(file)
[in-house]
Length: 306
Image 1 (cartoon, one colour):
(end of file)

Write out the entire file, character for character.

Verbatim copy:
[in-house]
Length: 306
Image 1 (cartoon, one colour):